Think of the arrogance one possesses to re-define what God has created. God is the One who has created marriage as a one-flesh union between a man and a woman in a life-long, covenantal relationship. Yes, the State has the task of keeping orderly records of marital unions, but it has no right to re-define the rules for marriage. Only God has this prerogative and His Word must be the starting point for any discussion regarding marriage.
This is precisely Paul’s argument when he describes marriage as a “profound mystery” pointing to “Christ and the church” (Eph 5:32). From the beginning, Paul asserts, God’s plan has always been for Jesus Christ and His church. That is, Jesus would call and redeem a people for Himself and would “give them eternal life” (John 10:28). As others have pointed out, if it were possible to see God’s blue prints for the creation of the universe, the first thing we’d notice is not Adam in the Garden but instead, Jesus in the Gospels. This is God’s plan before the foundation of the world. God creates a universe, bringing together Adam and Eve in the covenant of marriage in order to picture God’s redemptive plan of Jesus Christ and His church. This mystery had been hidden throughout the ages. Now do you see the significance of marriage? Our marriages matter because they point beyond us to a future reality—Jesus Christ and His Church. In other words, marriage is a picture of the Gospel. This picture is fully displayed when a man and a woman are joined together in holy matrimony. Any other picture—two men, two women, one man and five women—distorts the Gospel.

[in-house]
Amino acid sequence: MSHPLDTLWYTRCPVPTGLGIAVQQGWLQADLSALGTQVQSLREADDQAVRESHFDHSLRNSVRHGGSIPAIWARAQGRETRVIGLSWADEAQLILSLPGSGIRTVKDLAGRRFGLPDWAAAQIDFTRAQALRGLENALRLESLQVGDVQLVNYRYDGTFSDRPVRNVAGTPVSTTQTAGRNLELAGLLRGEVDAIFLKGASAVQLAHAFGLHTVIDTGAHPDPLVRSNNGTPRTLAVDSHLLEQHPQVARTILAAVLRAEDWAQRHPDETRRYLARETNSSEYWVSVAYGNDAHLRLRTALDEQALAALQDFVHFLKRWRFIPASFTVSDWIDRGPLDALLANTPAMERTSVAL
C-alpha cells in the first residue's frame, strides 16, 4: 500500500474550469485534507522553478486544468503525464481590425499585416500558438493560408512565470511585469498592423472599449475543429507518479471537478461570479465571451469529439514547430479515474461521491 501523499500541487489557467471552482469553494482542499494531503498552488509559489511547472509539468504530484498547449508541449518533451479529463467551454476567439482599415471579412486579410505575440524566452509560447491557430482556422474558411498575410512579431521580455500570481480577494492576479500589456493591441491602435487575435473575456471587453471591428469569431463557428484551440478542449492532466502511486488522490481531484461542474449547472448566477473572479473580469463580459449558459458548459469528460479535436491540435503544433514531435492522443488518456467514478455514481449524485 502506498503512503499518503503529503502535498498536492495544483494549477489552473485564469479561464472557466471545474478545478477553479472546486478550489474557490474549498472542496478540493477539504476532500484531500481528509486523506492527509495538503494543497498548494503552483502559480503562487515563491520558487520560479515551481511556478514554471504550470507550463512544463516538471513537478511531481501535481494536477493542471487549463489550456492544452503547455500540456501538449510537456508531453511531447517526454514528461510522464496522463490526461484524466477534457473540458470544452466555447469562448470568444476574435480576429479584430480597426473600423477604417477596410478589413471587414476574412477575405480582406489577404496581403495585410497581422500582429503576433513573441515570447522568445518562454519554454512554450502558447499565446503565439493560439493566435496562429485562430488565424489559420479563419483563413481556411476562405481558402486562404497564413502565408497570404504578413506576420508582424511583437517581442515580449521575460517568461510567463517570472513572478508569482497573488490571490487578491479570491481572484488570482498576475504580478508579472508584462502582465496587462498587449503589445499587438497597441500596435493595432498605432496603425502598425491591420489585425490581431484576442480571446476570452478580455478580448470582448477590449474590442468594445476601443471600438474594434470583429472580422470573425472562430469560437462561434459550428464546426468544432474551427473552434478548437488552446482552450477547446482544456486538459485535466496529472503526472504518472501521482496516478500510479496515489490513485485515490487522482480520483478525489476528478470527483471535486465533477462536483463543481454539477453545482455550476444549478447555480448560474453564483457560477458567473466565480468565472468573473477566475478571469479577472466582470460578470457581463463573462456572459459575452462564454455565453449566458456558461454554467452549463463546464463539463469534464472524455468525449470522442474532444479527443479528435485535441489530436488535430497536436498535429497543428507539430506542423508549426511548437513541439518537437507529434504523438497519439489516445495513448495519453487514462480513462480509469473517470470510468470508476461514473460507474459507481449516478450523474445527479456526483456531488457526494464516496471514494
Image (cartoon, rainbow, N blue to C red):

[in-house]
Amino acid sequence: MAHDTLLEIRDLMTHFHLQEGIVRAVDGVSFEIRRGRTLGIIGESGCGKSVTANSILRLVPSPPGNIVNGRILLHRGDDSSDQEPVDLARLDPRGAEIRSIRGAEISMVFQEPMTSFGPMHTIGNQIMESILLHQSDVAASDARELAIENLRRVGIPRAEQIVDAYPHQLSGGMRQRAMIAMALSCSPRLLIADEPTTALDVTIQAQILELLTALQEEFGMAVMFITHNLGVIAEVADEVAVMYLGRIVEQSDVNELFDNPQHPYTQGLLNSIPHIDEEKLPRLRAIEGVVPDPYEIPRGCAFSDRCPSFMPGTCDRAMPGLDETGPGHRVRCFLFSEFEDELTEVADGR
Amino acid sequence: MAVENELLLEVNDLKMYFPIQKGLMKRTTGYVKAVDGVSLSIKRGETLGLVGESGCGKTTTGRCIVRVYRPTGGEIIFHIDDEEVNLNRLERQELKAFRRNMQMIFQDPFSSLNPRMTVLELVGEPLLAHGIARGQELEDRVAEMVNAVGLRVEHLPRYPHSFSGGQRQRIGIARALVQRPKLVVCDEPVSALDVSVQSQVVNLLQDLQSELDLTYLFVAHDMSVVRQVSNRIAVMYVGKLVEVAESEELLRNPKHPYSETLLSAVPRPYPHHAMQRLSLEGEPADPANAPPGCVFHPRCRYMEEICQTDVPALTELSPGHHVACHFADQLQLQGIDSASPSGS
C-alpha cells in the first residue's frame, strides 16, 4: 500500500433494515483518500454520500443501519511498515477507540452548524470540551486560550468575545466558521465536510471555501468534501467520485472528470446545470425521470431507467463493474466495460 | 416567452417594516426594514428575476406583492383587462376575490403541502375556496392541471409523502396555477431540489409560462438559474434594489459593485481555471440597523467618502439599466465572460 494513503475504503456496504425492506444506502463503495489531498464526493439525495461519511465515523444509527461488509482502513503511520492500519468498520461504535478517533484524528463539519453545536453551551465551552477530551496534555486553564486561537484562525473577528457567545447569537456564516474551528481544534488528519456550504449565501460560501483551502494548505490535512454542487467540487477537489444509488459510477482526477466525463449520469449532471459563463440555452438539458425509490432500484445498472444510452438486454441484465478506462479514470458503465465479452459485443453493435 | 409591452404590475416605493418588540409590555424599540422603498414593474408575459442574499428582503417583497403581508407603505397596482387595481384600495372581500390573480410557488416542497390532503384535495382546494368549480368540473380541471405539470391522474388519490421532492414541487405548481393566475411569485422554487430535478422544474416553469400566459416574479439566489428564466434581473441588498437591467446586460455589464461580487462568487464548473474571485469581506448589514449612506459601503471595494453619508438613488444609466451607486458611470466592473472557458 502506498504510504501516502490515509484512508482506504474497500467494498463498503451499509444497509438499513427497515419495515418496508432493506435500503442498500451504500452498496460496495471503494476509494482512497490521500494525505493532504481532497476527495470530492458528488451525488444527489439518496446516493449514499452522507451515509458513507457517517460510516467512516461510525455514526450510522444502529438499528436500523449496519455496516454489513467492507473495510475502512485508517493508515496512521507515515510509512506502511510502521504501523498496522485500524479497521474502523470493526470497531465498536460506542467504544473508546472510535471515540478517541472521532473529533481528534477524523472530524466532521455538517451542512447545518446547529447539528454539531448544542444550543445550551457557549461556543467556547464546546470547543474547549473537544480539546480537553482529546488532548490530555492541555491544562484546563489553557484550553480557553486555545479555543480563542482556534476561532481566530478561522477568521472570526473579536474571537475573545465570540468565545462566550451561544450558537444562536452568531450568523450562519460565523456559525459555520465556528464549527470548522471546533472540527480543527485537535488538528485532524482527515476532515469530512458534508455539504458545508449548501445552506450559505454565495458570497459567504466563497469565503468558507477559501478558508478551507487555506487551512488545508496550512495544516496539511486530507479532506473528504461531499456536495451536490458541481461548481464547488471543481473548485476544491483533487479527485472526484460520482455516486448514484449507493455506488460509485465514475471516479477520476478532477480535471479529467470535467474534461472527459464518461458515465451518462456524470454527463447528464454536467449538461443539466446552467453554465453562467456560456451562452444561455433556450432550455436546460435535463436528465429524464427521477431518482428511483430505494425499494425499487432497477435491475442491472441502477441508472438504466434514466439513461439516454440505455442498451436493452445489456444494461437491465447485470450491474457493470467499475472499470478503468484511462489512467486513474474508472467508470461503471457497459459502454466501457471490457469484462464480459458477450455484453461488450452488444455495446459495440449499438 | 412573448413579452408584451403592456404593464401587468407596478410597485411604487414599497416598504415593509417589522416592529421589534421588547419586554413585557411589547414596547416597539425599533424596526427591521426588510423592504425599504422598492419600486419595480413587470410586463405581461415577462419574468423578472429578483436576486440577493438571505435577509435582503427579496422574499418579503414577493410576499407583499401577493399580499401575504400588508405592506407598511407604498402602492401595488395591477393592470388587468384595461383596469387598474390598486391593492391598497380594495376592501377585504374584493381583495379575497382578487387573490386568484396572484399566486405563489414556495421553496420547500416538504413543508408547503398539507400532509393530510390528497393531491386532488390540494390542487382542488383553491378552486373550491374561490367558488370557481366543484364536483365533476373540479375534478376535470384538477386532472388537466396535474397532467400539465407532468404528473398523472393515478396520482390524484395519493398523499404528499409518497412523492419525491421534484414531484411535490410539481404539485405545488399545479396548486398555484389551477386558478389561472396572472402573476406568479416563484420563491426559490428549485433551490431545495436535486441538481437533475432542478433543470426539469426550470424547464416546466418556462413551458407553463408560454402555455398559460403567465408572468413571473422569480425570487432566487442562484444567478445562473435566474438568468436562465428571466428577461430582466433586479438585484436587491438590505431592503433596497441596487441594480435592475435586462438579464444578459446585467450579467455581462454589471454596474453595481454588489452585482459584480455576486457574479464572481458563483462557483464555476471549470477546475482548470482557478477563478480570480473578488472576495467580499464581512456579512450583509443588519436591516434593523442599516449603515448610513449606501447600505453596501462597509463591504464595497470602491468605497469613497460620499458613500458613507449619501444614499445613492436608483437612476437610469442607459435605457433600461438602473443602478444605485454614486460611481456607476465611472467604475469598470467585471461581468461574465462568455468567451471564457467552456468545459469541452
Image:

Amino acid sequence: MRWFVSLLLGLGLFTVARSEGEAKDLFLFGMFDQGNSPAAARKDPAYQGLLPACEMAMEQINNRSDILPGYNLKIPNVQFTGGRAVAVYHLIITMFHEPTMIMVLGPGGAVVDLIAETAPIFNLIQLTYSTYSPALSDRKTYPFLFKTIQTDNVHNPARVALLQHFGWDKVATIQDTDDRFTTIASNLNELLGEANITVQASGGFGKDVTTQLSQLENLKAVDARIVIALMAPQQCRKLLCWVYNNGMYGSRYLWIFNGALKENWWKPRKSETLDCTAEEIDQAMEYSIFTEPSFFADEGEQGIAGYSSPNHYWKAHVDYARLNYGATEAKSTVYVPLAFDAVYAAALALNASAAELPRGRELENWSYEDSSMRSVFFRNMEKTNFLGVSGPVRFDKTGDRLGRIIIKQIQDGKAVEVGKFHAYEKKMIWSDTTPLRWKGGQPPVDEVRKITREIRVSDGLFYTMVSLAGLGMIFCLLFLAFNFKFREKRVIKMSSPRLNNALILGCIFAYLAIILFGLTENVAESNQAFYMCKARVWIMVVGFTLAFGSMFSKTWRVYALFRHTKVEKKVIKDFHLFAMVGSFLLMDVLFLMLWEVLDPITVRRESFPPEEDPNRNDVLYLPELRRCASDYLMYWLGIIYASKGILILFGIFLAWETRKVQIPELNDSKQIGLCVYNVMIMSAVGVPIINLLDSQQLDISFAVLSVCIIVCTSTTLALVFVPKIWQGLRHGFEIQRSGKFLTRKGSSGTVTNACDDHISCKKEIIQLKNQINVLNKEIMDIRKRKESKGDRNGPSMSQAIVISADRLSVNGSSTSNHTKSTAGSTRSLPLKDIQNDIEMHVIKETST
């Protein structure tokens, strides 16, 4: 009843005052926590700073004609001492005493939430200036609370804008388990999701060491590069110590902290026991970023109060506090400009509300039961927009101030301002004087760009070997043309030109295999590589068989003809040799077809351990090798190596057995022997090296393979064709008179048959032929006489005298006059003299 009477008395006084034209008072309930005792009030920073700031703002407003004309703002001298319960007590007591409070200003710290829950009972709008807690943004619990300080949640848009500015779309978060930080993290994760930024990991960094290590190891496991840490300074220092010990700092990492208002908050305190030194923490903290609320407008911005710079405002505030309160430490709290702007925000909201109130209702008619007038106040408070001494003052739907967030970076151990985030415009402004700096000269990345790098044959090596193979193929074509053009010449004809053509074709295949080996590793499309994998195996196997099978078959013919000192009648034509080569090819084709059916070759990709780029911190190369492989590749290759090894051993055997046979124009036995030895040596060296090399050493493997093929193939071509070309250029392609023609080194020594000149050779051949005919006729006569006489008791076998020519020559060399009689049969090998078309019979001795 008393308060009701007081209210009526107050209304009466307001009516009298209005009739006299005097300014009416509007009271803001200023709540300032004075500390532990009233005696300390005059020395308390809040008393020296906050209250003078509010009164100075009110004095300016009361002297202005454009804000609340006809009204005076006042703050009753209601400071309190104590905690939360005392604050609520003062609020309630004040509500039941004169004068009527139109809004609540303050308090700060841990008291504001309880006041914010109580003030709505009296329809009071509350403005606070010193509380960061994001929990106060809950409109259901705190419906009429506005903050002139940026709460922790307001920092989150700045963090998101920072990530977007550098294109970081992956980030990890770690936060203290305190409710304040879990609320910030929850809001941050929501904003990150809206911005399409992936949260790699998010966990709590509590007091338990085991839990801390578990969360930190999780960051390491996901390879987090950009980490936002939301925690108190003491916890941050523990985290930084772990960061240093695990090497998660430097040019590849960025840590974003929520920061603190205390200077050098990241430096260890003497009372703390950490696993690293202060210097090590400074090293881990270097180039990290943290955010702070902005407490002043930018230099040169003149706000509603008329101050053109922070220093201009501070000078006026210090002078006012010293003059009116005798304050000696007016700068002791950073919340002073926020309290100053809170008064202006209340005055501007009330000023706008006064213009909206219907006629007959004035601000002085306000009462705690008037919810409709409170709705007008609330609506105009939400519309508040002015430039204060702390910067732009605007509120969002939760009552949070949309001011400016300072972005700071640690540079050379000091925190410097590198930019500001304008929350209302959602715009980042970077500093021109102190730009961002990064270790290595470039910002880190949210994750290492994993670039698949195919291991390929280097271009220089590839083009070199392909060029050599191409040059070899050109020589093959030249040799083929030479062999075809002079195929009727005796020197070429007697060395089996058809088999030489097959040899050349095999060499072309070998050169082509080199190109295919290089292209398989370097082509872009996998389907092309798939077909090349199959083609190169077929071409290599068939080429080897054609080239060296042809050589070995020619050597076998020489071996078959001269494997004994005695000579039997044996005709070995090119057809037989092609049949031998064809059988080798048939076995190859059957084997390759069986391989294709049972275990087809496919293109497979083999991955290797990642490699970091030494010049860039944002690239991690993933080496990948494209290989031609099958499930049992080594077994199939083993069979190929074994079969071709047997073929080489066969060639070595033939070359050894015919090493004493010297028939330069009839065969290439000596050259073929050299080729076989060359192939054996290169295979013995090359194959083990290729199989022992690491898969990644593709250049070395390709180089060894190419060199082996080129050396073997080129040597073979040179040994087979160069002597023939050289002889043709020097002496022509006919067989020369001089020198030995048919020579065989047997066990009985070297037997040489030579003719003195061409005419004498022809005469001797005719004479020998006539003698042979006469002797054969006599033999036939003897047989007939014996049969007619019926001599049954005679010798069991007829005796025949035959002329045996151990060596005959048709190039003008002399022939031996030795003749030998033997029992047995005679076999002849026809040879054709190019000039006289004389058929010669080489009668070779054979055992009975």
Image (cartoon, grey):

Public opinion has undergone a generational shift on the issue of same-sex marriage. Christians who believe in the sufficiency and authority of the Scriptures will continue to be labeled as those “on the wrong side of history.” Individually, we’ve been wrong about many things, and admittedly, our local congregations and entire denominations have been wrong as well. But to suggest—as those arguing for the acceptance of homosexuality must do—that the whole church has always been wrong is an audacious claim.
To oppose same-sex marriage is likely to bring persecution. Rejoice and be glad (Matt 5:12). Following Jesus—no matter the cost—will ensure that we are indeed “on the right side of history.”